Soap Market signals new life in FMCG industry

Soap Market signals new life in FMCG industry

Author | exchange4media News Service | Monday, Dec 02,2002 5:46 AM

Soap Market signals new life in FMCG industry

There could be a ray of hope in sight for the fast-moving consumer goods (FMCG) industry, if the October 2002 ORG-MARG retail audit figures are anything to go by.

Toilet soaps, the largest contributor to FMCG, which faced a slowdown by registering negative growth in the last 1-2 years, has finally turned the corner in October. While the overall Rs 3,500 crore (in October 2002) FMCG industry grew by 3.2 per cent, toilet soaps registered a 0.7 per cent value growth — which the industry feels is a healthy sign.

According to industry analysts, this is due to the general feel-good factor, slightly better economic indices and innovative new products.

Hindustan Lever Ltd (HLL), the market leader in toilet soaps, say analysts, would benefit if the revival continues in the months ahead. HLL’s market share in toilet soaps stood at 60 per cent in value in the month of October. Nirma’s share was 11.5 per cent, while Godrej’s share was 5.9 per cent.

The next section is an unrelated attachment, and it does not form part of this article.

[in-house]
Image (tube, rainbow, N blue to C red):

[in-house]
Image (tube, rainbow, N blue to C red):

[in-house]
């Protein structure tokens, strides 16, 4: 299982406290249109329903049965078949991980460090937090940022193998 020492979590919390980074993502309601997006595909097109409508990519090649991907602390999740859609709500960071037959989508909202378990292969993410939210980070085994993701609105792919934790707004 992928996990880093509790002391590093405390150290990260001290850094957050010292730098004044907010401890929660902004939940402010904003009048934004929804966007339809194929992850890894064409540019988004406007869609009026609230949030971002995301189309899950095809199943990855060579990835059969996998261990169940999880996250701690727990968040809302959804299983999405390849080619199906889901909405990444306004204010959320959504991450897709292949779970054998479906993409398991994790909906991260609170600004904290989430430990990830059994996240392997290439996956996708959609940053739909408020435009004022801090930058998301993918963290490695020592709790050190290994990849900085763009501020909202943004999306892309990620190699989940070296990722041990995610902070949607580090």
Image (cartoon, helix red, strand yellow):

According to industry sources new launches and innovations could have led to the turnaround in the toilet soap category.

Analysts feel that HLL, which has been impacted by a slowdown in its topline growth, would register better sales in October. However, a decline in the tea industry sales, and slowdown in food products like vanaspati/edible oils could come as a dampener. HLL draws almost 40 per cent of its turnover from soaps and detergents (Rs 4,284.76 crore in 2001), while tea contributes 10 per cent. HLL, which registered a 3.53 per cent in net profit at Rs 413.29 crore for the second quarter ended September 30, 2002, posted a net sales decline of 7.20 per cent to Rs 2,367.46 crore during the quarter. However, the company’s soaps and detergents business grew by 2.8 per cent led by a strong personal wash growth of 11.1 per cent. Another category in FMCG, which has come back on the growth path is household insecticides. This category had suffered a growth slowdown of about 6-7 per cent last year. It is now growing at 20 per cent.

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